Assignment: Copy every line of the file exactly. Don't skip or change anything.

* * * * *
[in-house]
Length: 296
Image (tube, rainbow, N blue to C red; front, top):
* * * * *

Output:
[in-house]
Length: 296
Image (tube, rainbow, N blue to C red; front, top):